Cooper took appropriate response to price gouging at the pump

Published 6:28 am Saturday, October 25, 2008

By Staff
(This editorial originally appeared in the Fayetteville Observer.)
It makes no sense that North Carolina would compete with Hawaii and Alaska for the highest gas prices in the nation. It’s not like the Tar Heel State is in some exotic locale, dependent upon fleets of ships for delivery.
Blame it on Hurricane Ike, said Attorney General Roy Cooper. When the hurricane was set to strike the Gulf Coast on Sept. 12, he said, producers shut down their operations. That’s true.
But why weren’t Alabama or Texas — where the hurricane did the most damage — experiencing a similar escalation in price? Why weren’t we seeing the same thing in South Carolina? Gas across the border could be obtained for from 30 cents to more than a dollar less per gallon.
Not surprisingly, Cooper’s office was deluged with complaints about price-gouging. Cooper himself fielded some of those phone calls. It turns out some were valid.
Circle B President Dilip K. Gala has announced that he will refund $1.50 a gallon to consumers who bought gas by credit card during the time period in question. He will also pay a $5,000 fine.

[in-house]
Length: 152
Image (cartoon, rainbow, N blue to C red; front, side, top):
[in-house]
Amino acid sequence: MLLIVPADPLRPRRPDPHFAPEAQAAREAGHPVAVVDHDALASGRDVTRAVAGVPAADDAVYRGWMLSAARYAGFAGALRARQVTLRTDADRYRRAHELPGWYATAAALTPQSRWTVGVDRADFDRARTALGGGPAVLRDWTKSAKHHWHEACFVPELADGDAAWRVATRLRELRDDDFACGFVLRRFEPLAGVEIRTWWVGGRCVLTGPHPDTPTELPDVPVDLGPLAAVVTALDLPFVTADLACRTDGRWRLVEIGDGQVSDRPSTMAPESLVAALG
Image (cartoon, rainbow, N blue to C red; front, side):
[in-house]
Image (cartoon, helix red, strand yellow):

An investigation by Cooper’s office revealed that Circle B at McPherson Church and Morganton roads overcharged consumers by more than $1,000 between 2 p.m. and 7 p.m. on Sept. 12. That day gas at the station jumped from $3.99 to $5.49 a gallon in a matter of hours.
Consumers who used their credit cards to buy gas from Circle B will receive the refunds on their cards. Consumers who paid cash have 30 days to present the receipt to receive a refund.
Circle B was one of several stations around the state that reached a deal with the attorney general. Five stations in western North Carolina reached a similar deal, and Cooper has filed suit against a Troy station owner. He says the investigation is continuing. It should.
Protecting consumers is his job and Cooper is carrying it out (in an election year, he’d be foolish not to).
You don’t have to be a lawyer, though, to figure out that when gas prices in North Carolina rival those of Hawaii and Alaska, somebody is jerking the consumer around. We’ve got no beef with the free market and letting the law of supply and demand set prices. But like every other law, supply-and-demand needs watchdogs to make sure nobody’s manipulating the system and taking unfair advantage of consumers.
What Cooper did is an appropriate bit of enforcement in the economic legal system.